- Class: Junior
- Major: Engineering
- Gender: F
- High School: Guilford High School
- Transfer Student: N
In my opinion, Tufts is a compromise between all different aspects of college, which more or less gives it the best of all worlds. We're medium sized - you're constantly meeting new people and have the resources of a bigger school, yet you'll see a half dozen familiar faces walking to class and have many small classes. We're just outside of Boston - we have quads and a campus bubble, yet all the best parts of Boston like big events, restaurants, internships, are accessible from the T. We have both a liberal arts and an engineering school - everyone interacts with shared classes and there's virtually no walls between the schools like you see at big universities. Last, there are plenty of research opportunities for science/social science majors, but small classes and engaging professors like a typical liberal arts school. Campus is gorgeous in the spring, summer, and fall, but little gloomy in the winter and on rainy days. Students mostly stay on campus, but some go into Boston a few times a week while others rarely make the trip. Everything you need is on campus, but it's nice to eat off campus/go to something cool in Boston. Generally, people are impressed by the Tufts "name" too. The "Tufts must be 'tuft' to get into!" joke gets old quick though. Outside of New England, there's less name recognition, but the more pretentious students will tell you that the people who matter know the Tufts name. Sometimes they'll joke about our endearing/somewhat embarrassing mascot, Jumbo.
Academics have a huge range on campus. The intro science classes are ridiculously difficult at times and can be really big. On the other hand, there are plenty of "joke" English classes that only have ten or so students. Participation is common and even required in smaller classes (especially language classes and bigger classes' recitations). Big intro classes are lecture format and discussion is limited to a few questions per class. Some professors really want to get to know their students, but in bigger classes, getting to know your professor is dependent on you and visiting office hours. Difficulty wise, classes are what you make of them. You can take three or four easy classes and rarely do work or spend your life in the library with six hard ones. Again, generally students aren't competitive with grades and it lends to a nice, helpful, study environment. Engineers and liberal arts students have different mentalities towards academics. Engineers are focused on learning skills for jobs, while many LA students don't mind writing history papers, waxing philosophy, and worrying about jobs later. I've noticed also that many engineers choose Tufts because even they have humanities distribution requirements - many want a broader education than more technical schools focus on. But LA students should be forewarned about the intense six semester language requirement! As a side note, the ExCollege at Tufts offers the most interesting classes usually taught by professionals in the real world. I took a journalism class last semester by a Boston Globe investigative reporter. It was awesome, and we even got to tour the Globe and a TV station.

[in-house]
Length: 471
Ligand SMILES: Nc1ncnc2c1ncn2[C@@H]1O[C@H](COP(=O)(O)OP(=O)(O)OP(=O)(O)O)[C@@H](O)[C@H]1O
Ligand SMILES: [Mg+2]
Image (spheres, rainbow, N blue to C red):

Tufts is pretty known for diversity and international representation. We have tons active of cultural and ethnic groups on campus (which also causes Tufts to be pretty PC). At first, it's intimidating to hearing so many languages spoken by all of the European/South American students while walking to class. However, the one area where Tufts is lacking is in socioeconomic diversity... In general, we're a pretty liberal campus. New England quaint, relaxed liberals. However, we also have a pretty vocal conservative minority on campus, and they're run into some trouble recently with some PC issues. Basically though, anyone can fit in here. We've got wealthy IR major types determined to become diplomats. There are social activist hippies who work in our Oxfam cafe and stage protests. We have nerdy computer engineers who harbor passions for philosophy and sorority-girl chemical engineers. International students, student senate go-getters, theatre kids, athletes, frat brothers, yeah... The one thing in common? Almost everyone at Tufts is pretty damn ambitious!
The Best Things
The students, of course!
The Worst Things
The Ivy League reject complex that isn't true!